On Thu, Aug 31, 2006 at 11:36:36AM -0400, AgentM wrote: > On Aug 31, 2006, at 11:18 , [EMAIL PROTECTED] wrote: > >I'm attempting to understand why prepared statements would be used for > >long enough for tables to change to a point that a given plan will > >change from 'optimal' to 'disastrous'. > > > >Wouldn't this require that the tables are completely re-written, or > >that their data is drastically updated? For my own tables, most of the > >data remains static for months on end. Data is accumulated. Small > >changes are made. I don't see why a prepared statement used over a > >24 hour period would ever become disastrous.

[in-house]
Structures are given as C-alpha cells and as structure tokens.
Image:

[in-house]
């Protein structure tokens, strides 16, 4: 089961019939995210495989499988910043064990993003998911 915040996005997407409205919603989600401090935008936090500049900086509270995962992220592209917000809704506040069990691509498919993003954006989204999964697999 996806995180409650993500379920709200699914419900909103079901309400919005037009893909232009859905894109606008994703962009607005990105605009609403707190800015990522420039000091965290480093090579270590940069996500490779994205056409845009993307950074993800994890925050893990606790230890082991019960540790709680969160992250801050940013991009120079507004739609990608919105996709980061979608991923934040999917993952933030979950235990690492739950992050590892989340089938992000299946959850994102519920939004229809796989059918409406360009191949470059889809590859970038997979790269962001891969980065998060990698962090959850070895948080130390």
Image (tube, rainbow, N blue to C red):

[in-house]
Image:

> Scenario: A web application maintains a pool of connections to the > database. If the connections have to be regularly restarted due to a > postgres implementation detail (stale plans), then that is a database > deficiency. Or a JDBC deficiency. Nobody is forcing JDBC to automatically reuse a prepared plan indefinately. If automatically prepared, it can regenerate them whenever it wishes. Does Oracle automatically regenerate prepared plans on occasion? I don't consider it a deficiency. It is doing exactly what you are asking it to do. That it isn't second guessing you isn't a deficiency. For all PostgreSQL knows, your tables are not changing such that a query a week later is suddenly disastrous because the consistency of your data has changed drastically, and what you prepared a week ago, and chose to execute today, is still the optimal plan. Cheers, mark -- [EMAIL PROTECTED] / [EMAIL PROTECTED] / [EMAIL PROTECTED] __________________________ . . _ ._ . . .__ . . ._. .__ . . . .__ | Neighbourhood Coder |\/| |_| |_| |/ |_ |\/| | |_ | |/ |_ | | | | | | \ | \ |__ . | | .|. |__ |__ | \ |__ | Ottawa, Ontario, Canada One ring to rule them all, one ring to find them, one ring to bring them all and in the darkness bind them... http://mark.mielke.cc/ ---------------------------(end of broadcast)--------------------------- TIP 5: don't forget to increase your free space map settings